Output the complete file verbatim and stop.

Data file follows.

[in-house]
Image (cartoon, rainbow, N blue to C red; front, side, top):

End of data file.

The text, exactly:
[in-house]
Image (cartoon, rainbow, N blue to C red; front, side, top):